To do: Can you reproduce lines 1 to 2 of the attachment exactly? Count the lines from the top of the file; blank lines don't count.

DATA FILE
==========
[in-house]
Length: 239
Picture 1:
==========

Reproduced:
[in-house]
Length: 239